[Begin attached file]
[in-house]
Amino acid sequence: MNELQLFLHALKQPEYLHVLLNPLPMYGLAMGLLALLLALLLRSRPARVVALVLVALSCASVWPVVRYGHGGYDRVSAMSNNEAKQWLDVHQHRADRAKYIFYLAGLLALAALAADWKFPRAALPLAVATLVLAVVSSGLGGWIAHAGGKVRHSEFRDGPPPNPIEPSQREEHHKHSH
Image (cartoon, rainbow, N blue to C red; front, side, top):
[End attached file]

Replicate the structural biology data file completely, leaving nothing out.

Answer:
[in-house]
Amino acid sequence: MNELQLFLHALKQPEYLHVLLNPLPMYGLAMGLLALLLALLLRSRPARVVALVLVALSCASVWPVVRYGHGGYDRVSAMSNNEAKQWLDVHQHRADRAKYIFYLAGLLALAALAADWKFPRAALPLAVATLVLAVVSSGLGGWIAHAGGKVRHSEFRDGPPPNPIEPSQREEHHKHSH
Image (cartoon, rainbow, N blue to C red; front, side, top):